2. Again on the Expressway on the Shivneri Volvo, I prefer sitting right behind the driver as it offers good views. Again after Khalapur toll plaza toward Bombay, I can ee the speedo of our Volvo somewhere around 120-123 KMPH. And suddenly from the right lane, a Maruti Swift overtakes the Volvo like a rocket. That swift guy must be doing atleast 130-135 KMPH, judgeing by the speed he overtook our bus.

I remembered these incidents when I read your article. Thank god, there are some people in this god forsaken country who are willing to help road accident victims.

Regards
Dieseltuned is offline   (3) Thanks Reply With Quote
Old 29th October 2012, 08:27   #14
Senior - BHPian
 
ghodlur's Avatar
 
Join Date: Sep 2009
Location: Thane
Posts: 4,924
Thanked: 1,912 Times
Smile Re: Mumbai-Pune Expressway: A long chat with a Highway Patrol person

@SDP

Thanks for the putting the conversation through the post on the forum, appreciate it.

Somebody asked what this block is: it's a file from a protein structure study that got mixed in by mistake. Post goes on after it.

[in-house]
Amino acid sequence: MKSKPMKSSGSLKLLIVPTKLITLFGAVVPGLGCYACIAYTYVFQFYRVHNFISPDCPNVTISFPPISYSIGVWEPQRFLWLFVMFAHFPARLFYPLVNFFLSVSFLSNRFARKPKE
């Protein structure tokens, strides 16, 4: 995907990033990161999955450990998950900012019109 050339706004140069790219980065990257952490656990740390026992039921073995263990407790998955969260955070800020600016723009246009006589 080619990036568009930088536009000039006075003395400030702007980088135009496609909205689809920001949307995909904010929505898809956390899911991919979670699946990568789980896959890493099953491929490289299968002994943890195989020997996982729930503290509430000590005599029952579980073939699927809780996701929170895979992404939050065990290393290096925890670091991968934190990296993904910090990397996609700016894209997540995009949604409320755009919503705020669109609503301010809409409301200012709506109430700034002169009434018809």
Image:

Whatever the guy said was plain simple basics. Having seen even the Alto's, Zens and Santro's touching the 3 figure speed, its but common sense to follow the traffic rules and speed limits. The sudden adrenalin rush many a times results in loss of blood due to heroic antics attempted by few.

Golden rule - Dont drink n drive and dont speed over limits. Safest way to reach to the loved ones.
ghodlur is offline   (1) Thanks Reply With Quote
Old 29th October 2012, 08:48   #15
SDP
Team-BHP Support
 
SDP's Avatar
 
Join Date: Jan 2010
Location: Mumbai
Posts: 3,660
Thanked: 7,508 Times
Default Re: Mumbai-Pune Expressway: A long chat with a Highway Patrol person

First upon all, a big thank you for reading the LONG post. I never thought so many people would actually read it. Its reassuring that many people still believe in reading lengthy messages. Quite a few middle-managers (and above) in my organization do not read emails if they are more than 5 sentences long. Anyways.